Somalia's democracy deferred: Proposed electoral models to complete the transition

By Based on interview with Abdi Hosh, former Minister of Justice and Reconciliation , 18 March 2016
Photo credit: Villapuntland
Photo credit: Villapuntland

Following the decision to defer direct popular elections to 2020, Somali political leaders have been unsuccessfully mulling a substitute electoral model. The focus on the electoral process has slowed down the broader constitutional reform process. The Somali transition appears set to continue, again. 


The 2012 Provisional Constitution of Somalia replaced the 2004 Transitional Federal Charter. Although it was initially intended to mark the end of political and constitutional transition, political realities necessitated the continuation of the transition to allow the resolution of contentious issues through political agreements in a constitutional review process. The transition is planned to end in August 2016, where a new and improved constitution would have been adopted, regional member states established, and direct elections held for members of the House of the People and the Upper House. Nevertheless, none of these milestones seem achievable before August 2016. While the House of the People is considering several reform proposals from the parliamentary Constitutional Oversight Committee, and the Independent Constitutional Implementation and Review Commission, it is unlikely that enough consensus will emerge to lead to its adoption in 2016.

The establishment of regional member states may not also be completed before August 2016. While most of the pre-1991 regions have been combined to establish four regional-states-in-waiting (Puntland, Jubaland, Galmudgu, and South West), pending their formal parliamentary approval upon the recommendations of the Boundaries and Federation Commission, the last three regions (Hiiraan, Middle Shebela and Benadir – where Mogadishu is located) are yet to be merged. A renewed effort to merge Hiiraan and Middle Sebelle is currently ongoing after its initial failure in December 2016. The fate of Benadir is unclear as it cannot qualify as a federal member state by itself as the Provisional Constitution requires that at least two pre-1991 regions must voluntarily merge to qualify as a new federal member state. Accordingly, a constitutional amendment may be necessary before Benadir could be recognized as a regional state on its own – as has been proposed in the latest constitutional review document submitted by the Oversight Committee. Similarly, Galmudug as it stands now is composed of one and one-half pre-1991 regions and may therefore need some constitutional tweaking before it could qualify as a full member state.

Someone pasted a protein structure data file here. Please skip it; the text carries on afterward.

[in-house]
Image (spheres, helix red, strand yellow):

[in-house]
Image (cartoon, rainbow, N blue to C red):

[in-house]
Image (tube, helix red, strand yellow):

The third major milestone – the focus of this particular piece – is the organization of direct popular elections in August 2016, which has been deferred to 2020. The political leaders announced that their terms will end as provided for in the Provisional Constitution – August 2016 for the Parliament and September 2016 for the President. Consequently, Somali political actors have been engaged in a process to garner consensus, which has so far proved elusive, on a substitute electoral model to elect members of parliament.  

The Editor of ConstitutionNet, Dr Adem Kassie Abebe, spoke to Abdi Hosh, former Minister of Constitutional Affairs and Reconciliation, and current member of the Somali House of the People, about the process of selecting a substitute electoral model, and other underlying issues. This piece is based on Hosh’s insights and comments.  

Inclusivity of the ongoing process to select an electoral model

There is consensus among Somali political actors that direct popular election is not feasible at this stage. Al-Shabaab continues to control large swathes of South Central Somalia and to strike several targets, including in the heart of Mogadishu. Additionally, for the first time, in March 2016, Al-Shabaab made incursions into Puntland, a hitherto peaceful region which has largely escaped the civil and religious conflict that has gripped the rest of the country since 1991. Security also seems to have worsened in the last couple of months.